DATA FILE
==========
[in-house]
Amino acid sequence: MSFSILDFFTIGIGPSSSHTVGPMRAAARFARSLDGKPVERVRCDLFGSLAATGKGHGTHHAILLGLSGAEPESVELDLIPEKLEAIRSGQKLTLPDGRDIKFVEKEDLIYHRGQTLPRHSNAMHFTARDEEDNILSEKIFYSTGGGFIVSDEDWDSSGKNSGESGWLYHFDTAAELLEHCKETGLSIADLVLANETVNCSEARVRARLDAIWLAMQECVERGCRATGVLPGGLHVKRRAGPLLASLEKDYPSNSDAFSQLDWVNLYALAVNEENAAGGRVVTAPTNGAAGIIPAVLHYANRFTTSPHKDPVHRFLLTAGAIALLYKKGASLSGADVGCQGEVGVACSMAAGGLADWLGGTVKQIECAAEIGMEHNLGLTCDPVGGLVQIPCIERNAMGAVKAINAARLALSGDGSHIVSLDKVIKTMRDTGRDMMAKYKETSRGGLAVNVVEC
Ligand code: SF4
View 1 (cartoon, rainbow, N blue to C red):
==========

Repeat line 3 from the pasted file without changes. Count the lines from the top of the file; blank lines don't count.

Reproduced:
Ligand code: SF4